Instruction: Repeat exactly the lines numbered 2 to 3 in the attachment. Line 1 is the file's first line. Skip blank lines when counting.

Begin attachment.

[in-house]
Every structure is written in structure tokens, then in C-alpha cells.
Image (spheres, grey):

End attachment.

Every structure is written in structure tokens, then in C-alpha cells.
Image (spheres, grey):